"The need is pretty clear-we have to reach consumers at various access points," said Rebecca VanDyck, global account director on Nike at its agency, independent Wieden & Kennedy, Portland, Ore. Nike wants to "play with a few more experiences where there can be a dialogue going back and forth" as opposed to traditional advertising where communication is a one-way street, she said.
Last summer, Nike conducted an Internet ad experiment in Europe from Wieden, beginning with a public relations push about a faked loss of a missing Nike prototype soccer ball. The campaign later moved into TV with spots urging viewers who sighted the ball to call a toll free number or go to a Web site.
Another 2000 effort consisted of the whatever.nike.com work in which three spots featured different abstract stories, each shown from a camera angle intended to be the viewpoint of the viewer. Those going to the Web then conclude the commercial with scenes at a variety of places, such as a boxing ring or playing basketball.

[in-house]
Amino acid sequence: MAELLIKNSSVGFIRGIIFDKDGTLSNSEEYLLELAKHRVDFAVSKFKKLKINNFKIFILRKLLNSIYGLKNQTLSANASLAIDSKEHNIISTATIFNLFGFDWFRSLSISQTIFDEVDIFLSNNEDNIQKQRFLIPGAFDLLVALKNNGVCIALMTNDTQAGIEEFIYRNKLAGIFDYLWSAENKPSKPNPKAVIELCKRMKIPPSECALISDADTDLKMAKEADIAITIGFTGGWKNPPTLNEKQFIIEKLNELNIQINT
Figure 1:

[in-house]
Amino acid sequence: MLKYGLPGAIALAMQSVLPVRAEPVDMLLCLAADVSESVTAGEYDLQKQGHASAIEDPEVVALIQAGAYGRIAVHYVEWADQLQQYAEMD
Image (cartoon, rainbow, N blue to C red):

Then earlier this year Nike experimented with music videos featuring the artist Mos Def; the video was cut with footage of the "Much Respect" commercial. Music inspired Nike's "freestyle" spot, running on the NBA finals, which is a choreograph of the sounds of basketballs on the gym floor made by NBA and street basketball players.
Later this month, a Nike-created documentary will air on Viacom's CBS and on OLN titled "Road to Paris," a behind-the-scenes look at the U.S. Postal Service team's preparation for the Tour de France. As the program airs, viewers will be given Web sites they can find to get more in-depth information about aspects of the race.